Amazing! Who brings both a trumpet and a mandolin for a one week overseas vacation? Now I see why he looked so happy when I played Miles Davis the other day. He told me about this amazing trumpet teacher he'd had who put together a music group for every occasion, marching band for 4th of July, Bach for Christmas, and so on. And I was honestly thrilled about the idea of someone playing trumpet in the garden, so I really encouraged the idea.

But then his wife really wanted to see those burial mounds.

- We need to go now!

- Yes, but this is prioritized.

- Honey, we're on vacation in Uppsala.

So unfortunately no trumpet. I hope he will play some later. At least he played a little mandolin before the went. Bach. I've never heard anyone play Bach on a mandolin.

They're visiting their son who is studying here and it turns out he's playing the piano, he looked through my musical notes when he was here the other day. And the Russian guest staying in the other guest room asked me if it's ok that she use the piano. Awesome!

Maybe we could have a little concert before dinner? "We'll have dinner at eight", said the American woman. Oh, good, I said, then I have time to go to my French conversation class before that. "Oh, you speak French? We do too! Then we can have a French dinner." I'm glad they're staying for almost a week.

Day 282: Sharing food waste

This morning I led a workshop about sharing economy. It was at Power Shift, an event for young who want to mobilize for a more sustainable society. To tell you the truth I think it's the first time I've ever led a workshop. And I've rarely participated in one either. But I guessed it should be more interactive than just me giving some speech. So I mostly asked the group of 8-10 people who were there questions. Like: Do you participate in the sharing economy? If not, why? What are the barriers? How can we get more people to join?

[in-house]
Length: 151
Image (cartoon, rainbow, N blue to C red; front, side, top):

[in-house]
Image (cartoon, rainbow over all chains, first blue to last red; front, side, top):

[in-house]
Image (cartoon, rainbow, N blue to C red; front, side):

It was interesting for me to hear their thoughts, and I hope they got something from it too. When it comes to barriers we came up with a few different types which I've also noticed. 1) Lack of a critical mass of users on the platforms 2) A social barrier - that people feel uncomfortable sharing or meeting other people 3) Practical barriers - that it's not convenient enough. Perhaps it's easier to just go to the store and buy that drill.